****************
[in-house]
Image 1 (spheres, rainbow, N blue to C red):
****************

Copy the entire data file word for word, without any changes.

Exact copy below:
[in-house]
Image 1 (spheres, rainbow, N blue to C red):